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Micky Kearns of Sligo - Never Played In All Ireland Final But Known All Over
A legend who never needed All Ireland titles to become famous has to be an extra special talent and greatly admired by football fans all over Ireland. Mickey Kearns of Sligo fame slots very comfortably into that elusive category. From 1962 until his inter county retirement in 1978, this unique Sligo footballer carried a big responsibility to haul his team on to the scoreboard in practically every game he played for the county seniors. Sligo had other fine footballers too, but Mickey was always the scoring machine that the fans could rely upon.
Sligo were not in the top brackets when expectations were valued before the commencement of the annual Connacht senior football championship, let alone in the reckoning for All Ireland honours. Mickey became a national football icon despite his counties obscurity from provincial and national honours. That iconic status can only be achieved by the players who are extremely dedicated and proficient in the finer skills of the game.
Exiting from the provincial championships in the opening rounds denied players, such as Mickey, the opportunity to go on the bigger stages. It was courtesy of the National League and Railway Cup, that presented all the major opportunities for players from the minnow counties to make their mark. Mickey Kearns is one of many such legends from the minnow football counties of Ireland.
Life began around Dromard, Co. Sligo, in 1943 and he inherited a love of football from his father, who also pulled on the famed white and black strip of Sligo on a few occasions. Schooling was completed at St. Muredach’s College, Ballina, and upon completion of his studies, he went into the family cattle dealing business. From now on and for over three decades playing and refereeing gaelic football matches, consumed his life.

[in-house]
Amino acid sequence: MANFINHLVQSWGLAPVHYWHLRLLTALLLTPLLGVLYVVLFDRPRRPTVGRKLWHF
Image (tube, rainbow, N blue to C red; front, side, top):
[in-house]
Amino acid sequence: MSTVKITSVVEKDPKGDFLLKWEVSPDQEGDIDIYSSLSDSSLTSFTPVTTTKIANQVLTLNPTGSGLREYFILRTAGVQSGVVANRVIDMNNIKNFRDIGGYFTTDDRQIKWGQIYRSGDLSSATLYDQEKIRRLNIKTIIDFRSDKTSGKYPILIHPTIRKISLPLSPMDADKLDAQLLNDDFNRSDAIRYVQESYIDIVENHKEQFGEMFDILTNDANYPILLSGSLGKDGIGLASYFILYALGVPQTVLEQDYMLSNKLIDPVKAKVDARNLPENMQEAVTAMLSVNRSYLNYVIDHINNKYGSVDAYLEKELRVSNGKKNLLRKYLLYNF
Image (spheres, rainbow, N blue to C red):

Prior to Mickey’s profile reaching such high standards, only a select few players from Sligo had become national household names, but the general consensus is that Sligo fans put Mickey Kearns before all others. His first club was St. Patricks of Dromard, who in the 1950's were a junior football club and the county junior football title was won in 1964.
With no intermediate football grade, the club went to senior ranks in 1965 and annexed their first senior county title in 1968 and that renowned team was coached by the maestro himself. On that team also were his brothers James, Peadar and Noel. A further four senior titles came to Dromard in 1970/71/73/74 to provide Mickey with five county senior football medals to add to two more acquired when playing for Ballisodare in 1963 and 1964. Also in his collection are two county junior medals.
His inter county career began at minor grade in 1960 and in 1961 he played National Football League and made his championship debut against Roscommon in Charlestown in 1962. Sligo were counting a great victory with time almost up and leading by two points, only to be denied with a late,late, Roscommon goal with the last kick of the game. He went on to play in three different forward roles for Sligo at left half forward, centre and full forward in the twilight days of his career. His scoring feats were a much discussed subject all around Ireland and in the 1971 Connacht final, he put fourteen points on the scoreboard. Five were from open play, two 45's and a sideline kick and the reamainder from the dead ball.
Against the Combined Universities in 1973,he put twelve marvelous points on the scoreboard, this time from placed ball positions. He played for thirteen consecutive years for Connacht in the Railway Cup commencing in 1963. An All Star in 1971, he played in an era when back doors were meticulously locked annually.
A Connacht title in 1975 is a precious memento also and his career extended to the whistle when he exited the inter county game. He also excelled in this difficult role and took charge of four Connacht finals, N.F.L. final, two All Ireland club finals, Railway Cup final and an All Ireland semi final.
Derry JF Doody